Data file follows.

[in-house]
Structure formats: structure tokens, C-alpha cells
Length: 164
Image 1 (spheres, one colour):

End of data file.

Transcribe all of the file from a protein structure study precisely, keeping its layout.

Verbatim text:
[in-house]
Structure formats: structure tokens, C-alpha cells
Length: 164
Image 1 (spheres, one colour):